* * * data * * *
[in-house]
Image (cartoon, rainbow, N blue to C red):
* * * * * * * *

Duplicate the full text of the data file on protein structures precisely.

[in-house]
Image (cartoon, rainbow, N blue to C red):